Tuesday, April 21, 2009

A useful text -- "Criminal Mental Health and Disability Law, Evidence and Testimony"

When we think about crime and criminals, we all have different thought balloons, usually based on our fears or our experiences. If I ran a retail store, I think I would be focused on shop lifting, and maybe employee pilferage or embezzlement. I rarely think about bank robbery because my deposits are insured.

I frequently have short worries -- that I check -- about kidnapping when my 5th grade daughter is out walking our dog by herself. I fear robbery at night walking to or from Metro rail stations in Washington, DC or certain suburbs.

If I were a cop, I think I would fear violence whenever I responded to a domestic violence call, or violence whenever I stopped someone for speeding, running a red light or some other reason.

Many of us imagine that thieves steal because they need the money, or they justify their stealing in some way. Bernie Madoff did not need the money. Was he mentally ill? Was his greed a form of mental illness?

A person who kidnaps a child for ransom is obviously depraved in some sense. Who would be so thoughtless that they would terrorize a child and his or her family? Are they mentally ill in some way? Sure -- but in what way?

A person who kidnaps a child for other purposes or sexually assaults another is certainly "crazy" in some sense. But does this vitiate their liability for the crime? Not in most cases. How do we distinguish the crazy from the insane who are not criminally responsible?

Were the teenage killers at Columbine High School crazy? Sure. But were they insane? When John Hinckley tried to kill President Reagan to gain the love of actress Jodie Foster, the jury concluded that he was mentally ill to the point that he could not be found guilty. That verdict resulted in many changes in the "insanity defense" and how the law addresses mental illness.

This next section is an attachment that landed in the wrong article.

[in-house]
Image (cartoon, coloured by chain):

In fact, many people who the police deal with are mentally ill in one or more of a variety of ways. How the police, courts and correctional system should deal with this variety of mentally ill persons, as provided by the law, is the subject of the new book from the American Bar Association, Criminal Mental Health and Disability Law, Evidence and Testimony: A Comprehensive Reference Manual for Lawyers, Judges, and Criminal Justice Professionals, by John Parry, J.D.

Parry has done an outstanding job bringing together and organizing the vast volume of material in this subject. Every subject in this intellectually rich field of law is covered in a clear style.

Think about the challenges of the following complex questions and issues and you can appreciate the accomplishment of the author in assembling and explaining this material.

Is a person competent to stand trial? What is the law? What is the evidence and who presents it? If a person is incompetent, how are they committed? If they regain their competence, then what happens?

What about the case in which the person is competent to stand trial, but argues he was legally insane at the time of the offense?

How do we address the question of "dangerousness?"

What are the standards for managing institutions that house the criminally mentally ill? What are the Constitutional standards, the requirements of the Americans with Disabilities Act, and common law civil liability?

Of all the persons who encounter and observe the defendant, what are the standards regarding how they can testify, and what privileges barring their testimony apply?

What are the different kinds of diagnoses and assessments of mental illness that are presented to courts?

If you are curious about these matters, after you get frustrated with Google and Wikipedia, this is the place to turn.

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